November 4, 2013 at 2:27 am

John Niyo

Brad Ausmus will likely heed the numbers as Tigers manager

Detroit Its my understanding that there will be some math.

Everyone was busy Sunday adding up the strengths and weaknesses of Brad Ausmus as the Tigers new manager the brightest and best of an expansive field of candidates, according to team president Dave Dombrowski.

But well have to wait and see just what the numbers say next spring. Or better yet, what Ausmus has to say about the numbers. Odds are, though, itll be addition by subtraction in that regard.

On the sabermetric scale, which seems to be baseballs most volatile fault line these days, his predecessor, Jim Leyland, was an unabashed dinosaur, which certainly charmed some fans while horrifying others.

The new guy a 44-year-old Ivy Leaguer who developed a reputation as one of the games smartest players over an 18-year major league career wasnt eager to categorize himself Sunday at his introductory press conference.

But even as he defused one question about advanced statistics and his view of their value, and later a couple more away from the dais, he answered the way some of us hoped he would: Yes, the numbers do matter.

In todays game, youd be a fool not to admit that. And understand why. If thats a new-school approach in an old-school game, so be it.

I dont think it has to be one school or the other, Ausmus said, which, to me, sounded like the smart way to side with the former while not offending the latter.

You dont have to be a slave to the numbers. But you do have to respect them and consider them. And the best managers in todays game Joe Maddons only the most colorful among them, really find a way to use them to their advantage.

Crunching data

The best organizations do, too, by the way. The San Francisco Giants were one of the first MLB teams to use new baseball tracking technology like Fieldf/x, while the St. Louis Cardinals have built one of baseballs best analytics departments over the last several years. The Boston Red Sox hired Bill James, the godfather of sabermetrics, more than a decade ago and they finally won another World Series twice. (And after losing their way a bit, they got back in good graces with the James gang, just in time to win another.) Dombrowski and his front-office staff certainly arent afraid of numbers, but it takes the guy in the managers office to fully utilize them to complement good scouting and personnel decisions.

I think theres some value to some of that, Ausmus agreed. I can tell you that players do not like to be inundated with numbers. They dont want to know what percentage of fastballs a pitcher throws in a 2-1 count. Its just not usable information.

But I think if you can take some of that statistical information and grind it down into a usable piece of information that you can hand off to a player, yeah, that can be important.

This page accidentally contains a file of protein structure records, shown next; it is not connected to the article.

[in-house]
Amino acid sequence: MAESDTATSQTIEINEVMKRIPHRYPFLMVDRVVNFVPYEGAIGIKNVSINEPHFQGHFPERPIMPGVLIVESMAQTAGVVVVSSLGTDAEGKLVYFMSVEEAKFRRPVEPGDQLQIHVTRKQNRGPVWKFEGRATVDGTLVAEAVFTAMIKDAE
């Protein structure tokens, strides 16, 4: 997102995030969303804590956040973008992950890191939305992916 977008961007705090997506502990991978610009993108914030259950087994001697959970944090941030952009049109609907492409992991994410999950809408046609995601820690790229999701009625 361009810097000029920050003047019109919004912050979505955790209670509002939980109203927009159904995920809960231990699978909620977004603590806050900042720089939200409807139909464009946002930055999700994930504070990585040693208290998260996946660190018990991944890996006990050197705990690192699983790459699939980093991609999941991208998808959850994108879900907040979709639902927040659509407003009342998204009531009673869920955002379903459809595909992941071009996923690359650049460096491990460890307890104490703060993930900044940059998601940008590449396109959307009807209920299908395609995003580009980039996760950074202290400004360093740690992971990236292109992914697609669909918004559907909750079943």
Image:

And I suppose its important to note, too, that Ausmus talked about his love for the cerebral side of the game more than once Sunday. He talked about it in his lengthy interview with Dombrowski last week as well.

I told Brad, I guarantee you the first day you put your lineup up, somebodys gonna ask you why youre playing that lineup, and youve got to be ready to answer those questions, Dombrowski said. Thats just the way the game is now.

Leyland certainly understood that. Its just that his answers often left something to be desired. Ausmus surely will have his saber-rattling moments, too. But listening to him Sunday, I dont expect therell be quite as many.

We talked strategy, Dombrowski said, when asked, for example, about that four-letter word that starts with b and rhymes with grunt.

Experience on the field

Ausmus, for what its worth, doesnt sound as if hes going to be the type of manager whos eager to give away free outs.

Like he said, Theres times you need to bunt, but Im just not a guy thats gonna believe in bunting all the time, Dombrowski said. He said, If it makes sense for me to do something, Ill do it.

And if it doesnt, well, my sense is the answer will be rooted in something more tangible than a gut feeling or a small sample size.

Theres a lot to like about Ausmus, obviously. He doesnt just look or sound the part. He acts it, even if he hasnt done it as a big league manager in the dugout. Ill settle for an open mind and nearly 20 years as a major league catcher, with an experienced coaching staff for support.

Ausmus, as expected, said hed keep Gene Lamont on as his bench coach. The two have a history Genes been praising him to me for years, Dombrowski said and they respect each others abilities enough that Lamont told the Red Sox last year when he was a finalist for their managerial vacancy that he planned to ask Ausmus to be his bench coach in Boston.

Ill also take a guy with fresh experience in the front office, which Ausmus has gotten in San Diego the last few years, and a guy whos willing to learn. Dombrowski was genuinely impressed that Ausmus on his own decided to learn to speak Spanish hes not fluent yet, but hes getting there to better communicate with Hispanic players.

And while sabermetrics remain a foreign language to some, Ausmus doesnt sound like one of them.

As I told him, Dombrowski said, we can supply you with any information you want statistics, film, anything. You tell us, once you settle in, what you want. So however he wants to use it, he will. But hes a very intelligent guy. Hes smart. So hell use what he needs to.

And, hopefully, ask for more.

john.niyo@detroitnews.com
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During a press conference Sunday, new Tigers manager Brad Ausmus said he wasn't opposed to using statistical analysis to plot strategy. / Elizabeth Conley / Detroit News